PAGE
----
In honor of Women’s History Month, leaders of small companies in promo discuss the challenges they’ve faced and the need to promote each other’s achievements.
Nenette Gray’s professional brand is so synonymous with cheery citrus fruit that she’s often the first person who comes to mind when people in her network spot it. “I receive little gifts with lemon prints all the time,” says the “chief lemonade maker” at Baton Rouge-based Lemonade Creative Marketing (asi/466802), from her office aptly painted in a bright yellow hue.
Nenette Gray in the brightly colored offices of Lemonade Creative Marketing in Baton Rouge. She founded the company in 2010 after being laid off from her pharma job – making lemonade out of lemons.
Today, Gray’s company is certified with the Women’s Business Enterprise National Council (WBENC), a certified Woman Owned Small Business with the Small Business Association (SBA) and a National Minority Supplier. But the whimsical company name and optimistic environment stems from a not-so-fun time in Gray’s life nearly 15 years ago, when the entire specialty division at the pharma firm where she worked in sales was dissolved and about 1,400 people – including Gray – lost their jobs.
After nearly 20 years in corporate America, it was the world Gray knew. But she also knew promotional products, having served clients part-time for years.
So she had a choice to make: find another job in corporate, or go full-time in a fun industry. She chose the latter, and made “lemonade” out of the lemons she’d been handed. Today, she has six full-time employees, as well as 10 contract staff members for fulfillment needs, and will soon be relocating to a bigger office in Baton Rouge. And yes, the in-house lemonade stand that Gray built for post-meeting drinks is coming with them.
Gray is part of a growing cohort of women who own and operate their own companies. Careers site Zippia says there’s been a 114% increase in the number of female entrepreneurs over the last 20 years. In the U.S., 42% of small businesses are owned by women, and women-owned businesses of all sizes collectively generate an average of $1.8 trillion a year.
Those stats are promising, but there’s still progress to be made toward gender equity among company owners. According to digital loan marketplace Lendio, 40% of women who apply for business loans don’t succeed in obtaining essential funds. And a recent study from financial database PitchBook found that startups with all-women teams received just 1.9%, or $4.5 billion, of all venture capital funding (nearly $240 billion) in 2022, down from 2.4% in 2021. Moreover, PitchBook discovered that more money tended to be invested in those firms that identify the executive team as having “at least one woman founder” instead of “all-women.”
Meanwhile, female employees continue to contend with gender bias. The Women in the Workplace 2022 report from McKinsey found, for example, that 36% have had their judgment questioned in the area of their expertise, compared to 27% of men, and 31% of women report feeling compelled to provide more evidence of their capabilities than others do, compared to just 16% of men.
In addition, one in five women also report that they’re often the only or one of the only females in the room. More than 80% of these “Onlys” (as McKinsey terms them) experience microaggressions, like having their abilities challenged or being subjected to unprofessional or condescending remarks.
To be a woman in business requires tenacity, ambition and grit, particularly when it comes to balancing personal responsibilities with professional objectives, contending with persistent biases and simply differentiating themselves in a crowded, competitive industry. To continue to make strides, the owners that ASI Media spoke to agree – it’s up to women in promo and all of business to lift each other up and give each other much-deserved exposure.
Traditional gender roles have long stipulated that household management belongs to women. That’s largely stayed the same over the decades, even when she’s a business owner. A recent study by the Pew Research Center found that nearly 60% of women do more household chores than their male spouse or partner, and almost three-quarters say they do more managing of their kids’ schedules and activities.
When Gray went full-time with Lemonade Creative Marketing, she had young children to care for. That made building a business particularly challenging, especially when she felt she’s often had to prove herself to a greater extent than do her male counterparts. Fortunately, she says, women are adept at managing many responsibilities at once.
“In general, women have more balls to juggle in order to balance our personal and professional lives, and we have to prove ourselves more,” she says. “There are higher expectations on us.”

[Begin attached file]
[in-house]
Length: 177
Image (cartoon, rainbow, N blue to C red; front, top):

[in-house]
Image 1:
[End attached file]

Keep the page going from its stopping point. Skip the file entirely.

What makes women well suited to management and sales? We asked industry company owners for their opinion. Although business, and particularly sales, has long been male-dominated, women say they’re in fact ideally suited for it. “We want to take care of the people and world around us,” says Mo Calderon of Mo’s Bundt Cakes (asi/71843). “We value relationships, connecting and engaging, and that’s important to customers and the people we do business with.” Lauri Felson, president of Symphony Seed Papers/Okina (asi/74930) in Santa Fe, says having a woman-owned business has given her a competitive advantage during the almost 30 years she’s been in the industry. “We’re sensitive to clients’ needs, we’re friendly and engaged, and we’re incredibly talented in art and design,” she says of her 12-woman group. “My female crew gets along so well and continues to come up with unique products. I fought really hard to win trust and confidence in a male-dominated industry full of golf balls, hats and pens.” Women tend to have a maternal, empathetic instinct that helps strengthen relationships, says Stephanie Quiambao-Flores of Creative Tantrum (asi/171122/525942). “We have a sense about things,” she adds. “We want promo to evoke emotion in recipients. We have a grasp on that, and we take different perspectives into account. And we’re very successful when we get facetime and clients see results.” Nenette Gray of Lemonade Creative Marketing (asi/466802) says women “have a keen eye for detail in a nuanced industry.” They’re adept at building deep connections, she adds, which can mean the difference between acquiring a new client and losing them to someone else. “I learned the importance of networking while in pharma sales,” says Gray. “You have to differentiate yourself from other reps. People buy from those they know, like and trust, and women are easy to trust.” Michelle Chen of Fossa Apparel (asi/55141) says that vulnerability, while it’s not usually lauded as powerful, can be an opportunity to build lasting relationships with clients. “Being open and honest with others is an opportunity to bond with others, while men think it’s a weakness,” she says. “We also have fashion sense – we pay attention to the fine details.” For Michelle Chen and her family, who own Fremont, CA-based Fossa Apparel (asi/55141), business challenges took a slightly different form. Chen, the sales director at Fossa, says that when they established their business in 2007, they took a less-than-traditional route – in an industry full of men’s styles and women “companion” pieces, they made a name for themselves by starting with women’s styles as the basis of their apparel line. “That wasn’t common when we started,” says Chen. “It’s the collection we think the market needed. We want distributors to overcome ‘unisex’ complacency with their customers. More women are now in corporate positions and making buying decisions, so the garments are changing.” Donna Bridgeforth is certainly familiar with important product detail. Now the owner of Bridgeforth Wolf & Associates (BWA, asi/145800) in Chicago, she cut her teeth in the 1980s working alongside just 10 other ambitious women in the corporate gift division at Tiffany & Co. in the Windy City. “I loved working hard with beautiful merchandise,” says Bridgeforth. “That was the one job I missed and wanted to recreate. So I established BWA in 1987.” She started with little more than the Yellow Pages on her kitchen table, building her book of sales by making calls and wining-and-dining prospects a few nights a week for the first two years. “I just pushed hard to get to a real starting point,” she says. “In the beginning, you have nothing to benchmark.” Still, it’s been difficult to shake persistent – and often unfair – notions of women in business. “Both men and women tend to look at us as weaker,” she says. “I do think COVID changed the game a bit, since we couldn’t meet in person. It felt like there was less gender stereotyping on Zoom and clients focused more on bottom-line results.” “I’ve found it’s harder to get facetime as a woman, and to be taken seriously. I also don’t look like a typical business owner. I’m just me.” Stephanie Quiambao-Flores says gender bias is tricky since it’s intangible but unmistakable when you’ve experienced it. After 14 years doing graphic design on the side for promo clients, she opened her own full-time distributorship, Creative Tantrum (asi/171122/525942) in 2019 in El Paso, TX. To this day, she single-handedly offers design, print and promo services, mostly to clients in Texas and a few in Arizona. It’s been rewarding, but Texas has a reputation of being larger-than-life and “male-dominated,” she says, full of strutting cowboys. Indeed, there are a number of lucrative industries in the Lone Star State, like oil & gas and construction, that are still predominantly male-controlled. “Most of my clients are men, in fact,” says Quiambao-Flores. “Many are from a networking group I’m in, so we’ve built trust and rapport. But I’ve found it’s harder to get facetime as a woman, and to be taken seriously. I also don’t look like a typical business owner. I’m just me. When we have more women in executive roles, we’ll see more change and more facetime, in any industry.” To encourage doing business with their companies and thereby bolster female presence in the industry, women can’t wait for others to notice them; they have to take matters into their own hands and give each other – and themselves – the exposure they deserve. “We have to praise great ideas and decisions made by other women,” says Mariolga “Mo” Calderon, founder of Mo’s Bundt Cakes (asi/71843) in Miami, a company she established in 2021 during the pandemic. “Support them openly and publicly, and make sure they’re credited and their hard work is noted.” Gray says it can be as simple as posting on social media about good work done by a woman-owned company. “I sing the praises of other businesses – I’ll tag them and thank them for a job well done,” she says. “If there’s an occasion to elevate someone else, always take it. And as a woman business owner, take opportunities to speak in front of others when asked and share tips and advice.” “We have to praise great ideas and decisions made by other women. Support them openly and publicly, and make sure they’re credited and their hard work is noted.” Meanwhile, everyone at a women-owned company should take advantage of opportunities to remind the industry of their status, says Quiambao-Flores. She recently happened upon a supplier’s women-owned certification logo on their website, so she was eager to work with them, but she’d like to see certifications made more obvious. “It should be easier to find women-owned businesses,” she says. “We need to know who’s out there.” (ASI’s ESP database includes filters for identifying these firms – see box at bottom). Chen says one of the most important mentoring tips she received came from Susan Rye, director of strategic sales at Top 40 supplier SanMar (asi/84863). “She told me the first thing out of my mouth, no matter who I’m in front of, should be that we’re women- and minority-owned,” says Chen. “Let’s grow the sisterhood, support each other by referring each other and promote a change in buying patterns. We can be ambassadors of a diverse supply chain.” In honor of Women’s History Month, promo business owners reflect on those they strive to emulate. “Susan Rye at SanMar is warm, she draws people to her, and she’s compassionate – you don’t feel intimidated by her. She’s also balancing business and her family. She has a big heart and it’s a blessing to have her to look up to. I’m lucky to call her my friend.” Michelle Chen, Fossa Apparel “My grandmother, Olevia Landry, had no formal education, and grew up in a sharecropping family on a Louisiana sugar plantation. She taught me the value of hard work, resilience, a can-do spirit and faith. She sacrificed so much for me. If I become half the woman she was, I’ll be doing great.” Nenette Gray, Lemonade Creative Marketing “Eleanor Roosevelt advocated for women in the workplace, the civil rights of minorities, and the rights of Holocaust refugees. She’s a real inspiration. One of my all-time favorite quotes is, ‘The future belongs to those who believe in the beauty of their dreams.’ Only by dreaming will you build your future.” Mariolga “Mo” Calderon, Mo’s Bundt Cakes “Georgia O’Keeffe was an American artist who forged the way with her own style in a male-dominated field. She didn’t copy a man, and she had a significant impact on modernism.” Stephanie Quiambao-Flores, Creative Tantrum “Coco Chanel changed fashion for women and men, and her style became timeless. She advocated for a more relaxed style and instituted beauty concepts that have lasted decades.” Donna Bridgeforth, Bridgeforth Wolf & Associates “Oprah Winfrey is one of the most powerful black woman entrepreneurs in history, and I’m inspired by all that she’s done.” Lauri Felson, Symphony Seed Papers/Okina Distributors can use the “minority-owned” filter in ASI’s ESP Web and ESP+ product databases to identify diverse vendors for upcoming promo campaigns. Visit asicentral.com for more information.